Figure 3
Figure 3. Relationship between cardiovascular events and baseline heart rate in the
ASCOT trial.

Abbreviations: ASCOT, Anglo-Scandinavian Cardiac Outcomes Trial; bpm, beats per minute; CI, confidence
interval.
After reference 29: Poulter NR et al. J Am Coll Cardiol. 2009;54:1154-1161. © 2009, Elsevier.



The negative impact on the prognosis of hypertensive patients of heart rate reduction with β-blockers used as first line therapy was convincingly shown by the results of a meta-regression analysis performed by Bangalore et al.30 Exclusion criteria were previous acute myocardial infarction and chronic heart failure, but not chronic coronary artery disease. Paradoxically, the heart rate lowering attained in the β-blocker group at study end was associated with a proportionate rise in all-cause mortality (r=–0.51), cardiovascular mortality (r=–0.61) (Figure 4), and myocardial infarction rates (r=–0.85; all P<0.0001) (Figure 5). The same was true when the difference in heart rate at study end between the two treatment modalities was compared with the relative risk reduction for these events. Importantly, the average age of the patients was 58 years and the mean basal diastolic BP was 100 mm Hg. One can thus conclude that contrary to the situation in post–myocardial infarction and chronic heart failure patients with low ejection fraction, in hypertensive patients, heart rate elevation can be considered a risk marker but not a risk factor.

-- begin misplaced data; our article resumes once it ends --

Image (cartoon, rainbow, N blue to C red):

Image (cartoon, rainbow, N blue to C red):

This finding can be explained by the important negative impact of central systolic and pulse BP elevation that occurs with pharmacological heart rate lowering, even in patients younger than age 60 years with systolo- diastolic hypertension, and probably in the absence of significant aorta stiffening. Thus, in hypertensive patients without recent myocardial infarction or chronic heart failure with low ejection fraction, even in younger patients, heart rate control should not be considered a therapeutic goal.

Based on this reasoning, I consider it inappropriate to use an ACE inhibitor–β-blocker combination in older patients with uncontrolled uncomplicated hypertension, and think that we should be careful when adding β-blockers to ACE inhibitors (particularly regarding dosing) in younger patients (in whom it would probably be for hyperreninemia correction). In my opinion, the safest candidates are patients with concomitant symptomatic tachycardia, and on-treatment resting heart rate should be as high as tolerated, in no case less than 70 beats per minute (better, 75 beats per minute). The use of nonpharmacological approaches should strongly be recommended as a priority for heart rate reduction in such patients with inappropriate tachycardia; ie, regular aerobic training and correction of excessive body mass.